Mr. Daschle is still waiting for the Finance Committee to hold a hearing on his nomination. Members of the committee staff from both parties have been examining a number of other issues, including his relationship with EduCap, a student loan company.
Some members of the staff have also been asking whether Mr. Daschle should have registered as a lobbyist while working at the law firm Alston & Bird, which itself was registered as a lobbyist for EduCap and for many health care companies.
In his financial disclosure report, Mr. Daschle said he received compensation of more than $5,000 for providing “policy advice” to EduCap. The exact amount was not disclosed.
In reports to the Internal Revenue Service, EduCap says it does business as the Catherine B. Reynolds Foundation. The foundation is the principal underwriter of annual meetings held by the American Academy of Achievement, which has honored Mr. Daschle on several occasions.
In its report, the Finance Committee said its staff was still reviewing “whether travel and entertainment services provided to the Daschles by EduCap Inc., Catherine B. Reynolds Foundation” and the Academy of Achievement “should be reported as income.”
EduCap and the Reynolds Foundation could make for very colorful hearings, as this Washington Post piece from 2007 suggests:
Two decades ago, a young accountant pioneered the now-$17 billion-a-year private student loan industry through a tiny nonprofit company with a noble goal: helping students pay for college.
The nonprofit company also has become a financial boon for the accountant, Catherine B. Reynolds, and her family. The McLean-based company bought a Gulfstream jet worth about $30 million that she sometimes uses to fly friends and relatives around the world. It has given more than $9 million to a separate nonprofit company run by her husband and paid her $1 million in annual compensation. And the nonprofit donates millions to her favorite charities, including $400,000 to her daughter’s private school.
Loan industry watchdogs question whether the company, EduCap, operates in the best interests of students and should retain its nonprofit status. As a nonprofit, EduCap is exempt from paying federal income tax as long as it claims to be serving a public good. But the company allows some students to borrow up to $50,000 a year, sometimes at 18 percent effective interest rates — terms that most financial experts urge borrowers to avoid. The Internal Revenue Service has been reviewing the business.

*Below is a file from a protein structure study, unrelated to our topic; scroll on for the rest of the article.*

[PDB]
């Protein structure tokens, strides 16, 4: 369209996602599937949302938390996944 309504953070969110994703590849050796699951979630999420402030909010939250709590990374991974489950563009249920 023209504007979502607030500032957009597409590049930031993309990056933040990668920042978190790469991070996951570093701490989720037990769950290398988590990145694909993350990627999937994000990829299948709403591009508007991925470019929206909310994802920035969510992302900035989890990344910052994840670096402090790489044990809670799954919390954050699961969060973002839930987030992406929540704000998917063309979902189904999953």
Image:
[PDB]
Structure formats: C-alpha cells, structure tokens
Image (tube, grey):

The loan company’s business practices — detailed in interviews with former employees and internal company documents obtained by The Washington Post — illustrate how the booming and some say largely unregulated private loan industry is creating tremendous wealth for some lenders. Experts say private loans also can pose financial risk for students in certain cases.
When Catherine Reynolds joined EduCap in 1988, it was a small tax-exempt company headed by a local Catholic priest at a time when most loans came from decades-old federal programs. But Reynolds, the child of working-class parents, saw that soaring tuition costs had created a huge demand for aid beyond the government’s programs.
The company was very successful, and in 2000, Wells Fargo, the financial services giant, purchased for more than $150 million a for-profit affiliate of EduCap that serviced its loans.
After the expiration of a non-compete agreement that accompanied the sale, Reynolds has returned to the business, and EduCap is once again one of the few nonprofit lending companies in the country.
Several associates said Reynolds has recently been considering new business opportunities, and company executives declined to say whether Reynolds will remain in the loan industry.
The IRS has been reviewing the company’s financial arrangements, according to people with direct knowledge of the matter. Under those arrangements, one legal entity, EduCap, operates under three different names: EduCap, the Catherine B. Reynolds Foundation and Loan to Learn, the brand under which EduCap loans money to students.
The exact nature of the IRS inquiry is unknown. Reynolds declined to comment but said EduCap complies with the law. IRS spokesman Michael Devine also declined to comment.
Richard Lee Colvin, a loan industry expert at Columbia University’s Teachers College, said Reynolds “has acted in the nonprofit space very much as a for-profit company.”